Vehicles to suit disabled users are a matter of practicality and price over comfort and look, says James Ruppert

Margaret Rigby, 66, needs to buy a four-wheel drive vehicle with disabled access. Her husband is seriously ill and has lost the use of his legs. Although she is not used to driving a large vehicle she is willing to learn and needs four-wheel drive because of their rural location. Margaret has £15,000 to spend.

We are very sorry to hear about Margaret's predicament, but it is by no means a unique one. I wonder if she is aware of the existence of the Motability scheme.

To be eligible for any of the Motability schemes you must receive either the higher-rate mobility component of the Disability Living Allowance, or War Pensioners' Mobility Supplement.

There are then two motoring schemes, either a new car on a three-year contract hire lease or a new or used car on hire purchase, over a term of two to five years.

According to Motability, most of their customers choose contract hire as they find it's the best option to obtain and pay for a brand new car. They like the convenience of a single, regular payment that includes comprehensive insurance, maintenance and breakdown cover.

Each month they produce price guides for the most popular cars on the contract hire scheme, as well as a guide to hire-purchase rates. (Motability hotline: 0845 456 4566.) In Margaret's case, she needs a vehicle that has been, or can be, converted.

That conversion work must be fully approved by the manufacturer so she needs to speak to them, or a fully accredited company such as Atlas Conversions (023-9275 6265), which has been doing this type of work for 20 years. As for Margaret's driving skills, the Institute of Advanced Motorists (020-8996 9600) is ideally placed to help.


I feel that Margaret may not need a full-size four-wheel drive, but a vehicle with four-wheel drive ability. They are not all huge and one of the most popular conversions is the Renault Kangoo, which has been available with four-wheel drive, and is known as the Trekka.

It has a suitably high roof but would need to have a lightweight folding ramp installed, around £5,700, and a suspension system that drops down at the rear, £8,700, and that's on top of the cost of the vehicle. So it is not a cheap option, but one I think that Margaret should seriously consider even if it means spreading the cost on finance.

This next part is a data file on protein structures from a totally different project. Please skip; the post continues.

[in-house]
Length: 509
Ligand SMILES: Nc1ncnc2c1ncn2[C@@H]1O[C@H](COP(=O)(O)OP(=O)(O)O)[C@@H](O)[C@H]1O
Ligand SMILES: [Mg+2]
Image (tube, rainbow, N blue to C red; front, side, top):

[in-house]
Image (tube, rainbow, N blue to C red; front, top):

The Trekka has a good level of standard equipment and masses of room inside. It is also one of the safest cars in this class with ABS brakes, a brake-assist system and airbags.

Unlike many huge four-wheel drives it handles like a car and is not top-heavy or clumsy. With 200mm ground clearance and permanent four-wheel drive it offers decent ability over rough ground and muddy tracks. It has been described as fun and functional and I would agree with that. Fitting one out for wheelchair is access is not cheap, but that goes for any vehicle.


There isn't really a car for the heart here. Margaret just needs a vehicle that is practical and probably one that she can buy right now.

To be honest, I looked hard for four-wheel drive with wheelchair access and could not find very many at all. There is, though, a product called a Baboulin Wheelchair, which cleverly and simply converts from one role as a car seat to another as a wheelchair.

It looks very simple to operate and, powered by an electric motor, it simply swings out from the passenger side where wheels are then attached, and off you go.

So, again, a large vehicle with lots of headroom is not required. Margaret could get a Toyota RAV4, which is easy to drive and a reliable small off-roader, for under £10,000 from a dealer and with a warranty.

However, it is absolutely vital that Margaret visits as many specialists as possible to find out what is best for her. Often there are special deals and promotions on new vehicles that make them better value.

There are also organisations that offer great benefits and advice. For £14 a year (£18 for joint membership) you can become part of the Disabled Drivers' Motor Club. This pays for a range of services including insurance discounts and RAC membership (01832 734724).


Please write to Car Choice, Features, Independent House, 191 Marsh Wall, London E14 9RS, or e-mail James Ruppert at, giving your age, address and contact number.

Search for used cars